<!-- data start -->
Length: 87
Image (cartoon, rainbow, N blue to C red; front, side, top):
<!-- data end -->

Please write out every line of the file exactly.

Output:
Length: 87
Image (cartoon, rainbow, N blue to C red; front, side, top):